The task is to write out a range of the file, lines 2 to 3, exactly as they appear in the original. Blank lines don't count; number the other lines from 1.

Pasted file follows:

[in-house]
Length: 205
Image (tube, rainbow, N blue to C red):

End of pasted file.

Length: 205
Image (tube, rainbow, N blue to C red):